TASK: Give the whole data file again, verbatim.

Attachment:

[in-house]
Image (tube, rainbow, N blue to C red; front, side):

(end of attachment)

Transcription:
[in-house]
Image (tube, rainbow, N blue to C red; front, side):